Psyc 3560 (abnormal psyc) exam 2 study guide
Psyc 3560 (abnormal psyc) exam 2 study guide PSYC 3560
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This 19 page Study Guide was uploaded by Kennedy Finister on Saturday June 4, 2016. The Study Guide belongs to PSYC 3560 at Auburn University taught by Dr. Fix in Spring 2016. Since its upload, it has received 45 views. For similar materials see Abnormal Psychology in Psychlogy at Auburn University.
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Date Created: 06/04/16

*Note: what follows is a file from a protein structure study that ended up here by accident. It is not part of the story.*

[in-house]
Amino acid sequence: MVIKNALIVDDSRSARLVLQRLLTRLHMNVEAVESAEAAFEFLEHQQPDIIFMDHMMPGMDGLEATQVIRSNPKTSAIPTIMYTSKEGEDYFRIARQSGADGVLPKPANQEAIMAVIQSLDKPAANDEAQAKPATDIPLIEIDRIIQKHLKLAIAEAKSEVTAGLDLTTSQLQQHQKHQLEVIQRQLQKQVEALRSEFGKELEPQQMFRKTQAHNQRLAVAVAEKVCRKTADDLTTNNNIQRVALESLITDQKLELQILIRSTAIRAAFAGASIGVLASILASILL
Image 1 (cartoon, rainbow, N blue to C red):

Ch 6 – Panic, Anxiety, Obsessions, and Their Disorders Fear vs. Anxiety Fear basic emotion shared by all animals involves activation of the “fight or flight” response of autonomic nervous system cognitive/subjective “omg I’m going to die” physiological heart rate increase, release of adrenaline behavioral response, whatever it takes to stay alive panic attack fear response in the absence of actual threats Anxiety Complex blend of unpleasant emotion and cognitions More oriented to the future and more diffuse than fear Cognitive/subjunctive “What if I embarrass myself?” physiological some adrenaline but not as much as fear response behavioral plan to avoid the situation, or having a plan of action if situation does arise anxiety can be adaptive problem occurs when it is excessive What defines something as an anxiety disorder? Out of proportion to dangers truly faced Severe enough to cause distress and or impairment Fear response exists even when stimulus is not present o Hyperventilating, nauseous Specific Phobia What is it (including subtypes) o Specific Phobia Characterized by a strong and persistent fear triggered by the presence of a specific object or situation plus avoidance of that object or situation o Subtypes Animal Dogs, birds, snakes and spiders are very common Natural environment Hurricane, lightning, floods Blood injection injury Blood pressure drops and person faints Seeing blood or an injury, receiving an injection Situational Fear of flying, tunnels, elevators, bridges Other Choking, throwing up Gender/Age of onset Gender ratio (varies) o most animal type cases are women (9095%) o 2:1 (women:men) ratio for blood injection injury age of onset o animal and blood injection types = early childhood o other= indolence or early adulthood Psychological Causes (including evolutionary perspective) behaviorism/learning o classical conditioning fear response can readily be conditioned to previously neutral stimuli when these stimuli are paired with traumatic or painful events phobic fears generalize to other, similar objects or situations o observational learning watching a phobic person behaving fearfully with his or her phobic object can be distressing to the observer and can result in fear being transmitted from one person to another thru vicarious or observational classical conditioning media can also play a role in this o individual differences in life experience some life experiences may serve as risk factors and make certain people more vulnerable to phobias than others and other experiences may serve as protective factors for the development of phobias a person who has had good experiences with potentially phobic stimulus, such as a girl playing with her dog, is likely to be immunized from later acquiring a fear of dogs even if she has a traumatic encounter evolutionary preparedness o evolutionary history has affected which stimuli we are most likely to come to fear. Primates and humans seem to be evolutionarily prepared to rapidly associate certain objects such as snakes, spiders, water, enclosed spaces with frightening or unpleasant events o prepared fears are not inborn or innate but rather are easily acquired or especially resistant to extinction Biological Causes genetic and temperamental variables affect the speed and strength of conditioning of fear o depending on their genetic make up or their temperament and personality, people are more or less likely to acquire fears and phobias modest genetic contribution o example monozygotic twins were more likely to share animal phobias and situational phobias than were dizygotic twins Treatment exposure therapy o behavioral technique o best treatment option o involves controlled exposure to the stimuli or situations that elicit phobic fear clients are gradually placed symbolically or increasingly under “reallife” conditions in those situations they find the most frightening o flooding one prolonged session example 56 hour session with a snake, push thru all stages at once Medications o Not very effective, can interfere with exposure Social Anxiety Disorder What is it (including subtype) o Characterized by disabling fears of one or more specific social situations (public speaking, urinating in a public bathroom, or eating or writing in public) o Person may fear that they may be exposed to the scrutiny and potential negative evaluation of others or that they may act in an embarrassing/humiliating manner o Subtypes Performance situations such as public speaking Nonperformance situations such as eating in public Gender/Age of onset o More common in women than men (3:1 to 2:1) o Typically begin during early or middle adolescence or certainly by early adulthood Psychological Causes (including evolutionary perspectives) o Behavioral o Direct and observational learning Social trauma not fitting in, bullying, etc o Cognitive biases o Uncontrollable, unpredictability Being exposed to uncontrollable and unpredictable stressful events such as parental separation and divorce, family conflict, or sexual abuse Perceptions of uncontrollability and unpredictability often lead to submissive and unassertive behavior which is characteristic of socially anxious or phobic people People with social phobia have a diminished sense of personal control over events in their lives o Misperceive ambiguous stimuli (neutral faces) o People with social phobias tend to expect that other people will reject or negatively evaluate them which leads to a sense of vulnerability when they are around people who might pose Biological Causes o Genetic and temperamental factors o Behavioral inhibitions share characteristics with both neuroticism and introversion Example infants who are easily distressed by unfamiliar stimuli and who are shy and avoidant are more likely to become fearful during childhood and by adolescence show increased risk of developing social phobia o Modest genetic contribution About 30% of the variance in the liability to social phobia is due to genetic factors Even larger proportion of variance in who develops social phobia is due to nonshared environmental factors which is consistent with a strong role for learning Treatment o Exposure therapy o Cognitive restructuring o Therapists attempts to help client with social phobia identify their underlying negative autonomic thoughts (“ive got nothing to say” or “ no one is interested in me”). Then they help change these inner thoughts and beliefs thru logical reanalysis (challenge the autonomic thoughts. Look for evidence for and against such a thought). Then they reframe thoughts to be less biased and more accurate. o Medication o Antidepressants SSRIs [serotonin reuptake inhibitors] (example Paxil) Fairly effective but not long term Panic Disorder & Agoraphobia What is a panic attack? o Abrupt surge of intense fear or intense discomfort that reaches a peak within minutes during which time 4 or more of the following symptoms occur o Palpitations, high heart rate o Sweating o Trembling or shaking o Sensations of shortness of breath o Feelings of choking o Chest pain or discomfort o Nausea or abdominal distress o Feeling dizzy, unsteady, light headed or faint o Chills or heat sensations o Paresthesias (numbness or tingling) o Derealization (feelings of unreality) or depersonalization (being attached from oneself) o Fear of losing control o Fear of dying What is Panic Disorder and Agoraphobia o Panic Disorder o Recurrent panic attacks that “come from out of the blue” AND fears of having additional panic attacks o Agoraphobia o Anxiety about being in places from which escape might be difficult/embarrassing or in which help may not be available in the event of a panic attack Gender/Age of onset o 2:1 (female:male) o due to sociocultural reasons it is more acceptable for women who experience panic to avoid the situations they fear and need a trusted companion to accompany them when they enter feared situations. Men who experience panic are more prone to “tough it out: because societal expectations & their more assertive instrumental approach to life o Often starts late teenage years, early adulthood Biological Causal Factors o May result from biochemical abnormalities in the brain as well as abnormal activity as well as abnormal activity of neurotransmitters norepinephrine and serotonin o Panic attacks arise primarily from the amygdala Psychological Causal factors o Cognitive theory o Disorder may develop in people who are prone to making catastrophic misinterpretations of their bodily sensations, a tendency that may be related to preexisting high levels of anxiety sensitivity o Anxiety sensitivity o A traitlike belief that certain bodily symptoms may have harmful consequences o Example “when I notice that my heart is racing, I worry that I might have a heart attack” o Perceived Control o If the person feels like they’re in control they have less attack/symptoms o Safety behaviors o Example a person who has 34 attacks a week for 20 years; each time believing they’re having a heart attack yet they never do. One would think that this catastrophic thought would diminish but evidence shows that it doesn’t because people with this disorder engage in safety behaviors such as carrying around a bottle of pills to pop before or during a panic attack. Then mistakenly tend to attribute the lack of catastrophe to their having engaged in the safety behavior rather than panic attacks don’t lead to heart attacks o Cognitive biases that maintain panic o The way people perceive what’s going on will determine whether the symptoms heighten or subside Treatment o Medications o Benzodiazepine (Xanax, Klonopin) Pros Quick acting, useful in acute situations of intense panic or anxiety Cons Can become dependent Side effects such as drowsiness, sedation, impaired cognitive and motor performance o Antidepressants (tricyclic & SSRIs) Pros Do not create dependence Can alleviate any comorbid depressive symptoms or disorders Cons Takes about 4 weeks before the have beneficial effects Not useful in acute situations o CognitiveBehavioral o Exposure therapy Interoceptive deliberate exposure to feared internal sensations people are asked to engage in various exercises that bring on various internal sensations and to stick with those sensations until they subside, thereby allowing habituation of their fears of these sensations o Cognitive restructuring Teach people to look at evidence for what their thoughts are Generalized Anxiety Disorder What is it? o Anxiety and worry about many different aspects of life (including minor events) becomes chronic, excessive and unreasonable Gender/Age of onset o Twice as common in women than men (2:1) o Age of onset varies but often develops in older adults Psychological Causal Factors o People may have a history of experiencing many important events in their lives as unpredictable or uncontrollable o Role of worry o Worrying is good. Superstitious avoidance of catastrophe “worrying makes it less likely that the feared event will occur” Avoidance of deeper emotion topics “worrying about most of the things I worry about is a way to distract myself from worrying about even more emotional things, things that I don’t want to think about Coping and preparation “Worrying about predictive negative events helps me to prepare for its occurrence” o Actually increases the sense of danger and anxiety o Cognitive biases for threat o People seem to have danger schemas about their inability to cope with strange and dangerous situations that promote worries focused on possible future threats Biological Causal Factors o Functional deficiency in the neurotransmitter GABA, which is involved in inhibiting anxiety in stressful situations, the limbic system is the area most involved o CRH hormone Treatment o Medications o Benzodiazepines May relieve physical symptoms but not cognitive ones o Antidepressants Help cognitive symptoms o Cognitive Behavioral Treatment o Muscle relaxation o Cognitive restructuring Aimed at reducing distorted cognitions and information processing biases, as well as reducing catastrophizing about minor events Obsessive Compulsive Disorder What is it (what are obsessions? what are compulsions?) o Obsessions o Involve persistent & recurrent intrusive thoughts, images, or impulses that are experienced as disturbing, inappropriate and uncontrollable o People actively try to resist, suppress, or neutralize them with some other thought/action o Compulsions o Involve either overt repetitive behaviors that are performed as lengthy rituals (such as hand washing, checking, organizing things over and over) may also involve more covert mental rituals such as counting, paying or saying words over and over to themselves. o Performed with the goal of preventing or reducing distress or preventing some dreaded event or situation. Gender/Age of onset o 1.4:1 ratio (woman:man) o late adolescence/early adulthood Psychological Causes o Mowrer’s two process theory of avoidance learning o Neutral stimuli becomes associated with frightening thoughts or experiences thru classical conditioning and come to elicit anxiety Example touching a doorknob or shaking hands can lead to the scary idea of contamination. Once having made this association the person may discover that anxiety produced by those stimuli can be reduced by handwashing o Once learned, such avoidance responses are extremely resistant to extinction. Any stressors that raise anxiety levels can lead to a heightened frequency of avoidance that responses in animals or compulsive rituals in humans o Cognitive Factors o Thought suppression Attempting to suppress unwanted thoughts actually increases thoughts later o Appraisals of responsibility for intrusive thoughts Simply having a thought about doing something is morally equivalent to actually having done it. Or that thinking about committing a sin increases chances of actually doing so May motivate compulsive behaviors o Cognitive behaviors/distortions People with OCD are drawn to disturbing material relevant to their obsessive concerns. Also have difficulty blocking out negative, irrelevant input or distracting information so they may attempt to suppress negative thoughts stimulated by this info. Have low confidence in their memory ability which ma contribute to their repeating of ritualistic behaviors over and over again Biological Causes o Evidence from twin studies reveals a moderately high concordance rate for monozygotic twins and a lower rate for dizygotic twins o Neurotransmitter abnormalities Treatment o Behavioral and cognitive behavioral o Exposure and response prevention OCD clients develop a hierarchy of upsetting stimuli and rate them on a scale from 1100 according to their capacity to evoke anxiety, distress, or disgust. Then theyre asked to expose themselves repeatedly to the stimuli that will provoke their obsession. Following each exposure they are asked not to engage in the rituals they would normally do to reduce the anxiety/distress. Preventing the rituals is essential so that they can see that If they allow enough time to pass the anxiety created by the obsession will dissipate naturally down to atleast 4050 on the 100 scale even if it takes hours. Very intense on clients, high drop out rates Studies suggest 5070% reduction in symptoms 75% maintain gains long term o Medication o Medications that affect serotonin systems (SSRIs) Minor improvements in symptoms but many nonresponders When discounted symptom relapse is high Body Dysmorphic Disorder What is it (including associated features) o Obsession with some perceived or imagined flaw or flaws in their appearance to the point that they firmly believe they are disfigured or ugly o Associated features o Typically focused on a specific body part o Compulsive checking behaviors common o Avoidance of activities o Reassurance seeking o Comparing self to others obsessively o Engagement in activities to cover up perceived flaw Excessive grooming, makeup , etc Gender/Age of onset o Men=women o Age of onset usually adolescence Causal factors o Personality predisposition (neuroticism) o Differences in visual processing of faces o Sociocultural context o Cognitive style o Biased attention and interpretation of information relating to attractiveness Treatment o High doses of antidepressants o Cognitive behavioral therapy o Focus on distorted perceptions, exposure and response prevention Example: wear something that highlights their perceived flaw rather than hides it prevent checking responses (looking in the mirror) Ch 7 Mood Disorders What are mood disorders? o Disorders in which extreme variation in mood either high (mania) or low (depression) are the predominate feature. Although some variation in mood are normal, for some people the extremity of moods in either direction becomes seriously maladaptive even to the extent of suicide Types of moods o Mania o Often characterized by intense and unrealistic feeling of excitement & euphoria o Depression o Usually involves feelings of extraordinary sadness and dejection Major Depressive Disorder What is it? Persistent down or depressed mood occurring more days than not o Intense and episodic Emotional, physiological/behavioral, and cognitive symptoms Emotional o Sad mood o Anhedonia (numb) Physiological/Behavioral o Apetite change o Sleep disturbance o Psychomotor disturbance o Fatigue Cognitive o Inappropriate guilt/feeling worthless o Concentration difficulty/indecisiveness o Thoughts of suicide/death Recurrent vs. single episode MDD Single o First or initial episode Recurrent o Preceded by one or more previous episodes Course of Major Depressive Disorder Depression episodes are often timelimited o 69 months on average Likelihood of reoccurrence increases as the number of MDEs increase Gender/Age of onset 2:1 (female:male) adolescence and adulthood 1:1 during childhood What is Persistent Depressive Disorder? When people have mild depressed mood, some meet full criteria MDE the whole time. Person must have a persistently depressed mood for most of the day for more days than not for 2 years (1 year for children/adolescence) o Intermittent normal mood occur very briefly & never more than 2 months Unipolar Mood Disorders Biological Causal Factors Genetic influences o 23x more prevalent among biological relatives Neurochemical o Monoamine theory (serotonin, norepinephrine drive all) o Dopamine (linked to anhedonia & low positive affect) Hormonal o Stress response (cortisol) Neurophysiological Factors o Right Pre Frontal Cortex (negative emotions) versus left PFC (approach, positive emotions Biological Rhythms o Sleep More REM, less deep sleep Could be vulnerability factor o Sunlight/Seasons Seasonal affect disorder Usually atypical features (increased sleep, increased appetite) Psychological Causal Factors Stressful life events o Independent Unrelated to own behavior Examples being an elite athlete and having a career or season ending injury. Or finding out you have HIV/AIDS when you’ve been with only your spouse the last 10 years, you’ve been getting cheated on or they kept that from you o Dependent Partly generated by own behavior Example abusing substances, ruining interpersonal relationships Stronger Role o Personality Neuroticism Sadness, guilt, anxiety Low Positive Affectivity Affectivity = emotional expression/experience Unenthusiastic, flat, boring Treatments Other biological o Electroconvulsive Therapy (ECT) a procedure, done under general anesthesia, in which small electric currents are passed through the brain, intentionally triggering a brief seizure. seems to cause changes in brain chemistry that can quickly reverse symptoms of certain mental illnesses. For Severe depression, nonresponders o Transcranial Magnetic Stimulation Pulsating magnetic fields stimulating certain regions in the cortex (5 days per week for 26 weeks Mixed findings o Bright Light Therapy Originally used for seasonal affective disorder Effective for depression and seasonal affective disorder Supposed to uplift people’s spirits and make them happier Psychotherapy o Cognitive Behavioral Therapy 1012 sessions focus on the here and now identify dysfunctional thoughts and challenge them as effective as medications, and better at preventing relapses and recurrences o Behavioral Activation Refers to increasing activities and interactions Very effective, maybe as effective as CBT o Interpersonal Therapy Identify and change maladaptive interaction patterns with others As effective as medication and CBT but still early in the research Bipolar Disorders Manic episode An overly joyful or overexcited state Hypomania Same as manic except its atleast 4 days, noticeable by other, but not severe enough to cause marked impairment in functioning Be able to differentiate between Bipolar I, Bipolar II, and Cyclothymic Disorder Bipolar I o Presence of one or more manic episodes o Clinically significant distress or impairment o History of MDE is not required Bipolar II o Presence or history of one or more depressive episodes o Presence or history of one or more hypomanic episodes o No history of manic episode o Clinically significant distress/impairment Cyclothymic o A less serious version of full blown bipolar disorder because it lacks certain extreme symptoms and psychotic features such as delusions an the marked impairment caused by fullblown manic or major depressive episodes Gender/Age of onset 1:1 late adolescence – early adulthood average 22 Characteristics of manic episodes (duration, etc) a condition in which a person shows markedly elevated euphoric, or expansive mood, often interrupted by occasional outbursts of intense irritability or even violence that lasts for at least a week. At least 3 out of 7 other designated symptoms must also occur Differences between Major Depressive Disorder and Bipolar Disorders Manic episodes o Tend to be much shorter in bipolar disorder than depressive episodes Depressive Episodes o Bipolar tend to be more severe than unipolar depression and often have: Greater mood lability More psychotic features More substance abuse Greater psychomotor retardation Overall episodes shorter than MDD but more episodes during lifetime o Rapid cycling: 34 episodes within a year Biological and Psychological Causal Factors Biological o Genetic Factor One of the most heritable disorders No single gene responsible o Neurochemical Factors Elevated norepinephrine and dopamingergic activity o Hormonal Factors Elevated cortisol levels during depressive moods Thyroid hormone can precipitate manic episodes o Biological Rhythms Disruptions in sleep patterns can trigger manic episodes Seasonal patterns also common Psychological o Similar to unipolar disorders Stressful life events Personality and cognitive variables o Interpersonal processes very important Dysfunctional family interactions often linked to onset of manic episodes Treatments Meds o Mood stabilizers: Lithium Anticonvulsants (example Depakote) Effective but not as effective ideation o Antidepressants SSRIs Antidepressants TRIGGER manic episodes Electroconvulsive Therapy (ECT) o Has been shown to help with manic episodes CBT o Good for depressive symptoms not as effective for manic episodes Interpersonal and social rhythm therapy o Taught how to recognize the effect of interpersonal events on their social and circadian rhythms and to regularize these rhythms o Recognize theyre about to have a manic episode Suicidal behavior How common is ideation, suicide attempts, & suicide? Ideation thoughts about suicide without physically harming oneself o 1/3 of general population in lifetime thinks about suicide attempts non fatal injury that is selfinflicted with at least some degree of intent to die 900,000 attempts each year suicide self inflicted death o 38000 people die each year o 11 in 100,000 people die each year Who has the highest rates, gender differences older adults +65 women are 3x as likely to attempt suicide but men are more successful o women use cleaner methods like drug ingestion. o Men use more lethal methods like gunshots Interpersonalpsychological theory of Suicide Suicide desire Acquired Capability: Thwarted Perceived Belongingness: Belongingness: Fearlessness about death, “I don’t belong, I’m not “I’m a drain on other heightened pain tolerance people, my family would accepted High risk vs. universal prevention be better off without me 68% of people who die by suicide were not seen by a mental health professional in the year before death highest suicide risk are people right out of a depressive episode when they have the energy 2 general prevention strategies o high risk focus efforts just on people who are already known to be at risk o universal prevent onset of disease/condition in everyone Chapter 5 Stress and Physical and Mental Health Why should we care about stress and physical health? When you let your stress get the best of you, you put yourself at risk of developing a range of illnesses – from the common cold to severe heart disease What is stress? Distress and eustress? Stress o When challenges to our physical or emotional well being exceed our coping abilities or resources o Can result from positive or negative situations o Takes a toll on our physical and psychological wellbeing Distress o Negative stress associated with pain, anxiety, sorrow Eustress o Positive stress What predisposes people to stress? The way people perceive and interpret stressors People with depressed parents will be more sensitive to stressful events Persons personality o Higher levels of optimism, greater psychological control or mastery, increased selfesteem, and better social support 5HTTLPR gene o linked to how likely it was that people would become depressed in the face of life stress o 2 short forms of the gene (ss genotype) were likely to develop depression than people with two long forms (ll genotype) persons stress tolerance o a person’s ability to withstand stress without becoming seriously impaired Characteristics of stressors the severity of the stressor its chronicity (how long it lasts) its timing how closely it affects our own lives how expected it is how controllable it is What is the HPA system? HypothalamusPituitaryadrenal system o Involved in stress response o Hypothalamus and pituitary gland send messages to the adrenal gland which releases a stress hormone that feeds back on the hypothalamus Stress' effect on physical health Negative emotional states impair the functioning of the immune & cardiovascular system leaving a person more vulnerable to disease, infection and problems such as hypertension and cardiovascular disease Treatment of stressrelated physical disorders Biological Interventions o Antidepressants (SSRIs) o Surgery (if patients have Coronary Heart Disease for example) Psychological Interventions o Emotional Disclosure “opening up” and writing expressively about life problems in a systematic way seems to be an effective therapy for many people how does this provide clinical benefits? Patients are given the opportunity to blow off steam Writing gives people an opportunity to rethink their problems o Biofeedback Procedures aim to make patients more aware of such things as their heart rate, level of muscle tension or blood pressure Done by connecting patient to monitoring equipment and then providing a cue (like an audible tone) to the patient when he or she is successful at desired response (like lowering blood pressure or decreasing tension in facial muscles). Over time, patients become more consciously aware of their internal responses and able to modify them when necessary Helpful in treating conditions like headaches Effects tend to be stable over time o Relaxation and Meditation Relaxation helps patients with essential hypertension help patients who suffer from tension headaches Medication Helpful in reducing blood pressure o Cognitive Behavior Therapy Effective intervention for headaches and other pain Helpful for patients suffering from arthritis Slow down and enjoy life Adjustment Disorder What is it? A psychological response to a common stressor (example divorce, death, loss of job) that results in clinically significant behavioral/emotional symptoms Different types (qualifiers) of adjustment disorders Marked distress in excess of what would be expected from the stressor Significant impairment in functioning Doesn’t meet criteria for another mental disorder Isn’t simply bereavement PostTraumatic Stress Disorder What is it and what are the main types of symptoms? Disorder that occurs following an extreme traumatic event in which a person re experiences the event, avoids reminders of the trauma and exhibits persistent increased arousal Symptoms o Intrusive memories o Recurrent & distressing dreams about the event o Evidence of stimuli associated with the trauma o Negative cognitions o impaired memory about aspects of the traumatic event o increased arousal or reactivity Prevalence, gender, comorbidity, age of onset Prevalence/Gender o In the US 6.8% o Higher in women than men, (9.7% of women and 3.6% of men will develop this disorder) Men are more likely to be exposed to traumatic events Women are more likely to certain kinds of events like rape that may be inherently more traumatic Comorbidity o Depression, alcohol/substance abuse, panic disorder, anxiety disorders Age of onset o Varies can happen at any age, just depends on traumatic events and when they occur in a person’s life Treatment Trauma focused psychotherapies o Exposure based therapies Prolonged exposure therapy o Cognitive based therapies Cognitive processing therapy Cognitive restructuring o Eye movement desensitization processing (EMDR) Stress Inoculation training (anxiety management) Medications o Selective serotonin reuptake (SSRIs) o Serotonin Norepinephrine reuptake inhibitors (SNRIs) o Prazosin Different therapeutic techniques include o Learning about the effects of trauma o Relaxation and anger management skills o Tips for better sleep , diet, and exercise habits o Help people identify and deal with guilt, shame, and other feelings about the event o Therapy often helps people visit places and be around people that are reminders of the trauma What is posttraumatic growth? Refers to a set of positive changes which occur as a result of coping with a traumatic event o Relationships are enhanced in some way People describe that the come to value with friends and family more. Feel an increased sense of compassion for other and longing more intimate relationships o Appreciation for life o Personal strength o Change priorities o Spirituality